With Poldark back for its second series and Victoria’s ratings going through the roof, it seems that the surge in British TV period dramas is not waning. Frills and thrills clearly go hand in hand, especially considering the amount of revenue they’ve generated for UK television companies. The story seems to be different in the US, which depends on the UK for most of its period drama output. So, we have a one-up on our rivals, right? Wrong.
We are being exploited for our talents like a cow milked dry. We are mass producing for a conveyor belt of endlessly monotonous content. While we’re stuck in a rut, the US is free to create whatever it wants, but more importantly, cast whoever it wants. Because of the UK’s tendency to produce shows based at some point in our long, “colourful” history, fewer black actors have the chance to grace our screens. But are period dramas so popular solely because the global audience enjoys them, or are they conveniently comfy armchairs into which production companies fall back as they write worlds where no one worries about the ethnicities of actors?
David Oyelowo, star of the Martin Luther King film Selma, expressed his frustration with historical drama casting in British television last year.
He said: “Look at the beautiful buildings in London – the blood of my ancestors [is] in those bricks. Why is that story not being told when we love a period drama? It doesn’t make any sense. Black people did not turn up in the UK at Windrush.”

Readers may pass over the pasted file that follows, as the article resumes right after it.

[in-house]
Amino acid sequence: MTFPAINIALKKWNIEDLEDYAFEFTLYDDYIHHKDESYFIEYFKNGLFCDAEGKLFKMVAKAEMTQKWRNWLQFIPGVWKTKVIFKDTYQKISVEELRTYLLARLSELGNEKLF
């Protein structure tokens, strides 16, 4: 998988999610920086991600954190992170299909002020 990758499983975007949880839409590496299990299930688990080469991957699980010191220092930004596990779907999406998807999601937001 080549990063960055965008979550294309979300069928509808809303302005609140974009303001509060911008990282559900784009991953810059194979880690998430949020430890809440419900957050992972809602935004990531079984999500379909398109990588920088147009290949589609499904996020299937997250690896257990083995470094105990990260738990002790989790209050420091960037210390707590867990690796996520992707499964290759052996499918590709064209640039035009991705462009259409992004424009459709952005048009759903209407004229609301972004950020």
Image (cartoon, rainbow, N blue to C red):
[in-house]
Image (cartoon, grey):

And he’s right. Though much of British history is dominated by white individuals, most popular period dramas (Downton Abbey, Mr Selfridge, The Paradise, the list goes on) are set in an age when black people were part of Britain. These shows, however, have maybe one black actor in a guest role over a five or six season series. The lack of black people in positions of authority during the eras depicted doesn’t mean there can’t be period dramas about them; rather, it means there should be dramas explaining this lack of equality.
This summer, I interned at a theatrical agency, which is essentially where the casting process begins. My bosses were really lovely people. They were generous with pay, walked me through everything and asked me if I needed any help. While I was copying information onto the system or editing CVs, however, I heard snippets of phone conversations with casting directors that made me feel uneasy.
The conversations went something like this: “Oh, you want an Indian, do you? I have this girl …yes, she can speak Urdu, I think, let me check … actually, it’s Hindi, but it’s the same thing, isn’t it? [Laughs] Yeah, no one will know the difference.”
Now, I know there’s been controversy for centuries about whether Hindi and Urdu are in fact the same language, but it was more the tone of disrespect I heard and the fact that this was not an isolated incident that made me feel uncomfortable (and I don’t even belong to an ethnic minority). Many of the agency’s clients were from an ethnic minority; they constituted half of the agency’s paycheck. The only conclusion I could come to was that casual racism was the norm in this industry. If racism operates at this level, it is not unreasonable to believe that it pervades everyday workings, albeit subconsciously.